RNA extraction and reverse transcription PCR

RNA of cell lines was isolated using Trizol reagent (Invitrogen) and then reversely transcripted into cDNA. Real-time PCR was performed using SYBR Green PCR Master Mix (DBI Bioscience) and ABI PRISM 7900 Sequence Detection System (Applied Biosystems). Results were normalized to GAPDH for mRNA measurement. Fold change was calculated by the 2-ΔΔCt method where ΔΔCt=ΔCt (Target) - ΔCt (Reference). The forward and reverse primer sequences were used as follows: PREX1: 5′-GGCATTCCTGCATCGCATC-3′ and 5′-CGGGTGTAAACAATACTCCAAGG -3′.

CCK8 assay

Cells transfected with negative control siRNA (si-NC) or si-PREX1 were seeded in 96-well plate. Each well was added with 10 μl CCK8 solution on each day of the subsequent days. After 2h of continuous incubation, the absorbance at 450 nm of each well was assessed and the cell proliferation rate was calculated.

Transwell invasion assays

Transwell assays were conducted for exploring the invasive ability of cells transfected with si-NC or si-PREX1. A total of 5×104 cells with Transwell BD Matrigel (Corning, USA) were seeded in the upper chamber and serum-starved overnight. Meanwhile, the lower chamber was added with culture medium containing 20% FBS. After 48h culturing, invading cells were fixed in methanol and then stained with crystal violet. The invasive cells were shot and calculated.

Statistical analysis

The main analysis for PREX1 expression was completed by using online databases as stated. The Kaplan-Meier method was applied for survival outcomes and log-rank tests were conducted. Correlation analysis was performed using Spearman's correlation. For the above studies, the results are considered significant when *p<0.05, **p < 0.01, or ***p< 0.001.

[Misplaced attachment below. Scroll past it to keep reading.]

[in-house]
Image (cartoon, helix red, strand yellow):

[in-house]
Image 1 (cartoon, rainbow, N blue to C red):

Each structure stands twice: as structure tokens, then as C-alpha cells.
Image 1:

High expression of PREX1 in LIHC demonstrates poor outcome

TIMER was employed to investigate the expression of PREX1 between tumor and normal tissues in multiple cancers. Our results demonstrated that mRNA expression of PREX1 was significantly higher in several malignant tumors than in normal tissues, including LIHC (Figure 1A). Then we measured the mRNA expression of PREX1 in LIHC by using TCGA datasets and TNM plotter. Our analysis confirmed a remarkable increase of PREX1 in liver tumor tissues relative to normal liver tissues (Figure 1B-D). Moreover, the protein expression of PREX1 was proved to be higher in liver tumor samples than normal liver tissues (Figure 1E). Kaplan-Meier analysis demonstrated that patients with high expression of PREX1 showed poor prognosis, including OS and DFS (Figure 1F-G). Then, the clinical correlation of PREX1 was analyzed in LIHC patients. The heatmap revealed the distribution of clinical information for two different expression groups of PREX1(Supplementary Figure 1). A remarkably higher level of PREX1 was found in patients with worse M- and N-stage, disclosing its promoting role on tumor metastasis (Figure 1I-J). Univariate and multivariate analyses indicated that PREX1 was an independent risk factor for LIHC (Figure 1H, K).